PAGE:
Saturday, November 13, 2004


13 November, 2004. It was pretty scary to untie the dock lines and leave the relative safety of land for the first time. We started the engine. Rocky took the tiller and we let go of land. Almost immediately after inching away from the dock, the boat started to turn sharply in the wrong direction. The water was calm and we were at about half throttle so we immediately concluded that our 9.9 HP engine wasn't going to provide enough power to control this boat. After a short burst of panic and folly, we discovered that we were stuck in the mud. Rocky got us moving in the right direction and we rounded the corners toward the gas dock. We got stuck in the mud again but managed to power our way free and secure ourselves to the gas dock. The plan was to get gas and head out.

Jason also pumps the gas for the marina so we headed to the office to get him. He had been following the weather and convinced us that we should wait another day to leave. His houseboat had been pulled out of the water a few days earlier and he was now staying at his house in MIddletown, Delaware a few miles away. He invited us to sleep there in comfort for our last night as terrans (dirt dwellers) and we graciously accepted. We went back to the marina the following morning, got gas and headed out at about 9 am. I had learned the most important lesson of boating when Jason and I went to pick up a boat in Dundalk, near Baltimore- "Red Right Return, Red Left Leaving." I took the tiller this time and guided us away from the marina and southwest into the Chesapeake-Delaware Canal. I was pretty comfortable at the stick and we began to put some miles behind us. There was no chance of us raising sails until we were out of the bay and into warmer weather.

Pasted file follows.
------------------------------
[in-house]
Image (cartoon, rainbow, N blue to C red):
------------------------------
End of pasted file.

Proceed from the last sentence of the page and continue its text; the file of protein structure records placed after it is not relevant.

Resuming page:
No comments: